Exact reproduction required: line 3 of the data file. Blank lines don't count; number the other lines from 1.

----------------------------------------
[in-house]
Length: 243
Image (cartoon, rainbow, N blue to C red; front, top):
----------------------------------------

Image (cartoon, rainbow, N blue to C red; front, top):